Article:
I can count on one hand how many times they've practiced lineouts and scrums. A mate of mine coaches another club (he also makes my coffee every morning) and he is starting to do the same but their club has issued a directive that all coaches must spend a set about of time on set pieces. Bear in mind that scrums are not competitive and lineouts are a lottery for kids at this level.

There's ample time for kids to learn how to push in scrums and jump in lineouts. I fear we've got a generational issue here. 15 years ago we got hammered at set pieces and the focus has moved to that. The kids know how to run with the ball but the imaginative and off-the-cuff play has gone.

Long gone.


Yeah ... maybe. I dunno. I think there's plenty of players in Australian rugby who have flair but they're being coached not to employ it. That's a crude generalisation I know but let's indulge in some sweeping statements to make easy points. It's a mindset and I think it afflicts the game from the top down here. We've done to death the management issues facing the ARU... is it stretching things too much to say the whole game here has been crippled by a mindset that favours narrow thinking and conservatism?


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PostPosted: Tue Jun 20, 2017 2:26 am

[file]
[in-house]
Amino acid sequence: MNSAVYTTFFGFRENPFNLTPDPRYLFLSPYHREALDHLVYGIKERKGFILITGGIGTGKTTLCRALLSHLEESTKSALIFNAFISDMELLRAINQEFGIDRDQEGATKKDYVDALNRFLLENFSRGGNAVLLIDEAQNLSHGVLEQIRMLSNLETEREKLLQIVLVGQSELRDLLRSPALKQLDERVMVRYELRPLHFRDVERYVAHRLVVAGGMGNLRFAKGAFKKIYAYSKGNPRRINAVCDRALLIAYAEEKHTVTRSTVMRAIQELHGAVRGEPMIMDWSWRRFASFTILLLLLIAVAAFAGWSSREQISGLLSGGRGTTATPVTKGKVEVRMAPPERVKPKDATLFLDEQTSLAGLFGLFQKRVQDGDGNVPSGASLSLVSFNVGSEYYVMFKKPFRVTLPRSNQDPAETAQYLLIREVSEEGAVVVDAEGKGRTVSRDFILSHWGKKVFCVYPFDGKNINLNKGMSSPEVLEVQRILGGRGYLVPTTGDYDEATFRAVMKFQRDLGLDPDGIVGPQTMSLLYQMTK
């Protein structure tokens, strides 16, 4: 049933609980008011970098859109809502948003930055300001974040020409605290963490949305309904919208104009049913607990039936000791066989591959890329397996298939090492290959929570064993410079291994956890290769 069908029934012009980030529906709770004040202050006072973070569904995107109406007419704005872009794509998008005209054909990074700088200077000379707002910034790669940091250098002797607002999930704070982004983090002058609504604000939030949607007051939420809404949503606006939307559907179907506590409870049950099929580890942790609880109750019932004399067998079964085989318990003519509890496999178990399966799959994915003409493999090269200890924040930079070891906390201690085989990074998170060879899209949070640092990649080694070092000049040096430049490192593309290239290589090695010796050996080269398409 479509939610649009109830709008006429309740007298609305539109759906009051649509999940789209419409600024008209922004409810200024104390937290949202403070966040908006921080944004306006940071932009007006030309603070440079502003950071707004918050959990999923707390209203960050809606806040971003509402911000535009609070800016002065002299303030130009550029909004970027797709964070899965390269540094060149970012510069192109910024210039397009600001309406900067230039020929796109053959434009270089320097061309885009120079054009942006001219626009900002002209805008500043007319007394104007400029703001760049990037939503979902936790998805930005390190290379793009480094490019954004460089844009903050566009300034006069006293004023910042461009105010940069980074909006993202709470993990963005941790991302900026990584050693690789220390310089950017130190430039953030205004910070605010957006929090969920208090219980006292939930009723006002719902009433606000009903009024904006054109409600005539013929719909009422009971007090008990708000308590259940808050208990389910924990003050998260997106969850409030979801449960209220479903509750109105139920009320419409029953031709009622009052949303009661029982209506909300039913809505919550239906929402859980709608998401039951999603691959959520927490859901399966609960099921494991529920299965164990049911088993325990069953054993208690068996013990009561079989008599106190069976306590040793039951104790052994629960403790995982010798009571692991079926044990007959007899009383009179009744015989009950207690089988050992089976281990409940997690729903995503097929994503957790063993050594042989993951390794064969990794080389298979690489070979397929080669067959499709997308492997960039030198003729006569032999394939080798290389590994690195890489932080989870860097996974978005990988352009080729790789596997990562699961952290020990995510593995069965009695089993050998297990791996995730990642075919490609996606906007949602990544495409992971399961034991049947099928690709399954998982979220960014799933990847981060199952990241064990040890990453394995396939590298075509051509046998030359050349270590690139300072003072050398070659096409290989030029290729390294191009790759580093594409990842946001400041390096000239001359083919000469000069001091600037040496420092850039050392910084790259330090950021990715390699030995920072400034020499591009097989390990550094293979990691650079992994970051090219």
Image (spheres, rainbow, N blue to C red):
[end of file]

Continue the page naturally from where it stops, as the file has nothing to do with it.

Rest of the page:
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Thomas wrote:
Floppykid wrote:
Thomas wrote:
Okay, right. So I'm going to talk about my kid's U10 team. They have lost one game in four years and that was to another team from our club. They have, since day dot, focused on running with the ball and evading defenders. Last year they started looking at rucks and mauls. This year, the focus has moved slightly on rucks and defence but there is still an element of free running about their game.

I can count on one hand how many times they've practiced lineouts and scrums. A mate of mine coaches another club (he also makes my coffee every morning) and he is starting to do the same but their club has issued a directive that all coaches must spend a set about of time on set pieces. Bear in mind that scrums are not competitive and lineouts are a lottery for kids at this level.

There's ample time for kids to learn how to push in scrums and jump in lineouts. I fear we've got a generational issue here. 15 years ago we got hammered at set pieces and the focus has moved to that. The kids know how to run with the ball but the imaginative and off-the-cuff play has gone.

Long gone.

Aussies pushing towards League shocker.


There is very little to differentiate between the two games when kids are this young. There are better passers of the ball in schoolboy rugby league than there are in the Wallabies right now though.


Agreed. They would probably pass better than the majority of international teams. The side to side / stilted movement that you see reflects quite poorly on the players and coaching.


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PostPosted: Tue Jun 20, 2017 2:28 am 
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Thomas wrote:
Okay, right. So I'm going to talk about my kid's U10 team. They have lost one game in four years and that was to another team from our club. They have, since day dot, focused on running with the ball and evading defenders. Last year they started looking at rucks and mauls. This year, the focus has moved slightly on rucks and defence but there is still an element of free running about their game.